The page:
tastes and desires.

"I cannot quite understand your social life over here," Mr. Lyon was
saying one day. "You seem to make distinctions, but I cannot see exactly
for what."

"Perhaps they make themselves. Your social orders seem able to resist
Darwin's theory, but in a republic natural selection has a better

"I was told by a Bohemian on the steamer coming over that money in
America takes the place of rank in England."

"That isn't quite true."

"And I was told in Boston by an acquaintance of very old family and
little fortune that 'blood' is considered here as much as anywhere."

"You see, Mr. Lyon, how difficult it is to get correct information about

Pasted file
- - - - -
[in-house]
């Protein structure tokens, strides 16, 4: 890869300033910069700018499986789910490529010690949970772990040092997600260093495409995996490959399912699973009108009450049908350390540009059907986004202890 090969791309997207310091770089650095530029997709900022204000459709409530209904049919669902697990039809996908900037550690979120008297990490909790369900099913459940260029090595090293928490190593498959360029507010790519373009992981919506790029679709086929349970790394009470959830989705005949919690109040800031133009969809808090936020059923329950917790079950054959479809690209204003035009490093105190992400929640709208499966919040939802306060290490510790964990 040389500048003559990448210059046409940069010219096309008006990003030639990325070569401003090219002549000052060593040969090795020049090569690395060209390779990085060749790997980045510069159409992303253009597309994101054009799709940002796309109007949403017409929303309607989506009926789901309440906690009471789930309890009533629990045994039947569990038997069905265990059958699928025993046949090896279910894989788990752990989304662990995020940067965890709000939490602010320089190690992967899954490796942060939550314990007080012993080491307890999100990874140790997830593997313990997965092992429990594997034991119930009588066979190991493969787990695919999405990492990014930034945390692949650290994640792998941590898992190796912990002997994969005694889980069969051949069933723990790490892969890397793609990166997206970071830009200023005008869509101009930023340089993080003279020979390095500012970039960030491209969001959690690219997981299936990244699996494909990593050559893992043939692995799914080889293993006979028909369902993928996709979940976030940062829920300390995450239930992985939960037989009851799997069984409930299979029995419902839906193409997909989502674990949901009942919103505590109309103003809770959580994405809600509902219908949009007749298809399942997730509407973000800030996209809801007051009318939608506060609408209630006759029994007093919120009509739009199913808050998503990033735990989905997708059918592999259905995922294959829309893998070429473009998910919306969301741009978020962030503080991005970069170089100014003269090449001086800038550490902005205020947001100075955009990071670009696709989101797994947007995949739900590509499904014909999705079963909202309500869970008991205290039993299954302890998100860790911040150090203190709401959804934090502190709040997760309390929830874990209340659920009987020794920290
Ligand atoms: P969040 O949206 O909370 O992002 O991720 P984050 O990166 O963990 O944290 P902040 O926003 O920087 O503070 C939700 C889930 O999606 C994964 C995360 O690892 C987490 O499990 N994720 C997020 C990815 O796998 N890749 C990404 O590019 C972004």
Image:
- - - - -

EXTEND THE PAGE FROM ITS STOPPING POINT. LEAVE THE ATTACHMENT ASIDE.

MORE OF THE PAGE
us. I think we worship wealth a good deal, and we worship family a good
deal, but if any one presumes too much upon either, he is likely to come
to grief. I don't understand it very well myself."

"Then it is not money that determines social position in America?"

"Not altogether; but more now than formerly. I suppose the distinction
is this: family will take a person everywhere, money will take him almost
everywhere; but money is always at this disadvantage--it takes more and
more of it to gain position. And then you will find that it is a good
deal a matter of locality. For instance, in Virginia and Kentucky family
is still very powerful, stronger than any distinction in letters or
politics or success in business; and there is a certain diminishing
number of people in New York, Philadelphia, Boston, who cultivate a good
deal of exclusiveness on account of descent."